Identity and access management for everyone
Aberdeen study shows how an identity and access management focus on external users can pay off
In its research report on IAM Beyond Control, Compliance, and Cost: The Rise of the User (September 2015), Aberdeen Group described how the strategic focus for enterprise identity and access management (IAM) systems has been changing:
I summarized the findings of this report in an earlier blog.
The conclusion was pretty straightforward: by applying enterprise IAM capabilities beyond the traditional population of internal users to the extended enterprise (which also includes business partners, customers, and consumers), the role of IAM as a business enabler can be taken to an entirely new level.
During the fourth quarter of 2015, Aberdeen conducted a new study on identity and access management — a look at the use, experiences, and intentions of nearly 250 organizations from a diverse set of industries — which provides some additional insights on this important topic.
About half (47%) of all respondents indicated that their investments in IAM capabilities are focused on internal enterprise users only, while the other half (53%) are investing in IAM capabilities to support users throughout the extended enterprise.
The research confirms that by focusing strategically on both internal and external users, these enterprises are starting to view their IAM systems as essential enablers for innovation, growth, and new business opportunities.
But clearly just wanting these strategic outcomes to happen doesn’t necessarily mean that they’re going to happen. If we continue to do the same things, in the same ways, we’re not very likely to achieve different results.
For this reason, it’s not surprising to find that enterprises focused on a broader range of users are also investing more strongly in new IAM capabilities that align with and support those strategic objectives.
As seen in Aberdeen’s research, two examples of IAM capabilities that illustrate this notion of “investing for success” are preventing the bad user behaviors, but fast-tracking the good, and streamlining and personalizing the user experience.
The organizations in Aberdeen’s study that focused on the extended enterprise were nearly three times more likely to support out-of-band authentication, which typically takes the form of a separate phone call or text message to a user’s pre-registered mobile device.
This capability can provide the enterprise with a higher level of assurance for specific access attempts or transactions that identity analytics have flagged to be inconsistent with normal patterns of behavior — a complementary capability that the extended enterprise group was also more than two times more likely to have deployed.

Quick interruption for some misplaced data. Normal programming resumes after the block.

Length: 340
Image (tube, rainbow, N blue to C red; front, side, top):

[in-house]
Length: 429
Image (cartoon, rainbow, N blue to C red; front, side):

From the user perspective, these are examples of new IAM capabilities that give users – both internal, and external – higher confidence that the enterprise is protecting them, which has a positive impact on their propensity to interact and transact.
At the same time, these capabilities contribute to minimizing the friction in their daily online experience, which has a positive impact on both user productivity and user satisfaction.
In recent years, leading IAM solution providers such as CA have introduced innovative user interfaces for making and approving access requests, which in the past has been something that only the more technical and IT-savvy business users could master without direct involvement from their IT staff.
One example is an intuitive “shopping cart” metaphor that virtually all business users are already familiar with as consumers – simply select the access you need from a context-sensitive menu of options, put it in the shopping cart, and with one click initiate the workflow for approvals and automated provisioning.
Investments in these types of innovative IAM capabilities are designed to:
The organizations in Aberdeen’s study that focused on the extended enterprise were about 1.5 times more likely to invest in automated user provisioning, which not only provides benefits to their users, but also contributes to their ability to support much higher user scale at much lower per-user cost.
In a related blog coming soon, we’ll look at some of the specific ways that a broader strategic focus on users shows up in terms of results.
For additional insights, I invite you to download the full research report: IAM for Everyone: How a Broader Strategic Focus on Users Pays Off.
Derek Brink is vice president and research fellow, Information Technology, at Aberdeen Group. In this role, he helps organizations improve their security and compliance initiatives by researching, writing about and speaking about the people, processes and technologies that correspond most strongly with leading performance. In addition, he teaches graduate courses in information security at Brandeis University.